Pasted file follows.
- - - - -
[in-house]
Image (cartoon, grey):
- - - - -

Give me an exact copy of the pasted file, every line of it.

[in-house]
Image (cartoon, grey):